You want creepy? Here at Gadgetbox, we can do
. In the all-out Format War for the next-generation optical format, there have been many casualties. But as is the tragedy of war, many of them have been innocent bystanders. We call them “the consumers.”
But there’s an ominous feature buried in this so-called protection mechanism: If a particular brand of player is cryptographically “compromised,” the studio can remotely disable all of the affected players. In other words, if some hacker halfway across the globe cracks Sony’s software, Sony can shut down my DVD player across the Net.
Ridiculous. I remember the amount of trouble I had to go through in college just to copy some DVDs to my computer in order to put together a video parody for one of my clubs. This wasn’t something we were going to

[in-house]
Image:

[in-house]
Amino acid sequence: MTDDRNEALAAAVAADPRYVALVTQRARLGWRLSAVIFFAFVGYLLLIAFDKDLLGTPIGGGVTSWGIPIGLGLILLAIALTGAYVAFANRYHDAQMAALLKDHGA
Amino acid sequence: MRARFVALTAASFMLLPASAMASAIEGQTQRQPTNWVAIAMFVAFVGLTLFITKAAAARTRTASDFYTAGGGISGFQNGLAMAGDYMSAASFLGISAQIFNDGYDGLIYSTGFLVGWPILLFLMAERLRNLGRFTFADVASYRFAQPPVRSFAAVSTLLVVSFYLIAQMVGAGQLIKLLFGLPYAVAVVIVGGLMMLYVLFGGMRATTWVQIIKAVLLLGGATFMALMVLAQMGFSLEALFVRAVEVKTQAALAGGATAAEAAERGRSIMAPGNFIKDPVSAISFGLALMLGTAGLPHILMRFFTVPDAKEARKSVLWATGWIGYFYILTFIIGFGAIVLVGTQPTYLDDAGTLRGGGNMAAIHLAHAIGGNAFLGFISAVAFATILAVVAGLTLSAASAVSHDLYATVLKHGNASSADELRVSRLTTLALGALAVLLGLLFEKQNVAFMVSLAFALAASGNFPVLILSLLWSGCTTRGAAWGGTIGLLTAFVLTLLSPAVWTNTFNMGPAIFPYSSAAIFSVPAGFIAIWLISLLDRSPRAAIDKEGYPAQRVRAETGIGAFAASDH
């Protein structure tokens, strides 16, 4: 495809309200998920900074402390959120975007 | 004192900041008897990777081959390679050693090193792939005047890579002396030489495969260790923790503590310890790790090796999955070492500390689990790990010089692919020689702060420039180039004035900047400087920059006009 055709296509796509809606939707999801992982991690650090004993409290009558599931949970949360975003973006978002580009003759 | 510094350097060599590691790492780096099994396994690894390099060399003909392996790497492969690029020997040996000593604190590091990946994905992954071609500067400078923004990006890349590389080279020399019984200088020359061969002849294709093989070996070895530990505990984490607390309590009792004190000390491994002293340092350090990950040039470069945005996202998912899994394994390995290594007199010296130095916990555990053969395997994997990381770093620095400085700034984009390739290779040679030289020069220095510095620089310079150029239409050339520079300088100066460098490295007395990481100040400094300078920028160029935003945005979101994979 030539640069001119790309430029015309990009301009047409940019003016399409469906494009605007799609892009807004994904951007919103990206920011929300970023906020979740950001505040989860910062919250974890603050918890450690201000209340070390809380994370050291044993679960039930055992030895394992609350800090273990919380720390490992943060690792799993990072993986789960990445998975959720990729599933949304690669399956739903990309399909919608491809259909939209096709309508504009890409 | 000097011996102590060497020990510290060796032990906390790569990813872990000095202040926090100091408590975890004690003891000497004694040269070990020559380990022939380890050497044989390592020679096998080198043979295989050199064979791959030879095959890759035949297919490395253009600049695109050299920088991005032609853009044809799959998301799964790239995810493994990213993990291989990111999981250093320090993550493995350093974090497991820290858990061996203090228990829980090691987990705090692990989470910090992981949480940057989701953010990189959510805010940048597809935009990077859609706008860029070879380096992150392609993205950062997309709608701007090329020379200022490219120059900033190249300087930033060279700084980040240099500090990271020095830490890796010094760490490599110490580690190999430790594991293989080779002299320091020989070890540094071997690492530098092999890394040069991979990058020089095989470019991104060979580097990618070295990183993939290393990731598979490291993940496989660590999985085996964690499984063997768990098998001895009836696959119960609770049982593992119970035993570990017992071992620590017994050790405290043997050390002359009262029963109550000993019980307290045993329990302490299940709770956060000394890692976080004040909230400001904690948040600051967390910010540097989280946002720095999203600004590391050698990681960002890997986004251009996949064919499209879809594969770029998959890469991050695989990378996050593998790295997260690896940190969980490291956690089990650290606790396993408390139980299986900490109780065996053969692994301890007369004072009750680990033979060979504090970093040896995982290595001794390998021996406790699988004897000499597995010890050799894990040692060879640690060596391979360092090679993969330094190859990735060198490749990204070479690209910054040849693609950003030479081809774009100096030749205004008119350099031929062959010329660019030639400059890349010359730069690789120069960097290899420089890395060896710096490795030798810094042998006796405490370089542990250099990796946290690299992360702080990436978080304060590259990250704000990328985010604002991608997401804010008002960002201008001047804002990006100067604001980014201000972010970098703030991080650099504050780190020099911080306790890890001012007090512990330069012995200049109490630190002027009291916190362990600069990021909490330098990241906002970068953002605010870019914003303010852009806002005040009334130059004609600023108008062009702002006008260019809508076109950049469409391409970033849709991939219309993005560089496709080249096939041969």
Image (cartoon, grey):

sell, or even distribute, and yet we had to find a hacked DVD player that didn’t respect CopyGuard or MacroVision.
What’s at stake here is nothing less than our rights as consumers—yes, we have rights as consumers, and don’t let any company or government tell you that we don’t.
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